This is Mohammed. He is a vascular surgery resident.
“I often provide care to critically ill patients at risk of losing their life or limbs. Unfortunately, such emergencies do not cease during a pandemic.
I was recently paged regarding a 34-year-old female who had multiple stab wounds to her neck and chest. Given the severity of her injuries, she required urgent surgical repair. As the Trauma team continued to aggressively resuscitate her, I called her partner to provide an update.
My telephone conversation with him was a stark reminder of the privileged position my team and I were in.
He completely trusted us to act in his partner’s best interest – without having ever met us.
Once in the operating theatre, I vividly remember thinking that this patient might not survive. However, with the expertise of the entire team we were able to fix her injuries. It was now time to update her partner once again over the telephone. Although I could not see him, I sensed his immense relief as he repeatedly thanked me for saving her life.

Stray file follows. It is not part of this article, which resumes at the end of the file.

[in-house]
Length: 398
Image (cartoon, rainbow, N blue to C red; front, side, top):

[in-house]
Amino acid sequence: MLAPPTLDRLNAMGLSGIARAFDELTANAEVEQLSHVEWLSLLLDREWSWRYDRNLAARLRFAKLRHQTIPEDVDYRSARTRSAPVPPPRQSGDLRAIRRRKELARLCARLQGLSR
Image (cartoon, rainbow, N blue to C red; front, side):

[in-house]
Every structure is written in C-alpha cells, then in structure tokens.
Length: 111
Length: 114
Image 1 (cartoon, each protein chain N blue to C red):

That night, I could not change the course of the COVID-19 pandemic, but I am proud that I contributed to changing this patient’s trajectory.
The pandemic has been a humbling experience. It has forced many of our patients to go through some of their toughest times in isolation without the support of their families. It has also pushed myself and my colleagues to demonstrate resilience and go above and beyond for our patients. I recognize that we have a responsibility to provide high-quality, essential medical services during these trying circumstances, but we must also continue prioritizing our personal well-being in order to do so in a sustainable manner.”